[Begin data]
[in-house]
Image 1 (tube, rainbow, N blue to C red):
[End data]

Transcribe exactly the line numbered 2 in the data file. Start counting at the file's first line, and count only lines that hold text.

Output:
Image 1 (tube, rainbow, N blue to C red):